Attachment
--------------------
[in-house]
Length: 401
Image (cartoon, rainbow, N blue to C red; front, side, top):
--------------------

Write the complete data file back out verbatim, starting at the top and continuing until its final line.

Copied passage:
[in-house]
Length: 401
Image (cartoon, rainbow, N blue to C red; front, side, top):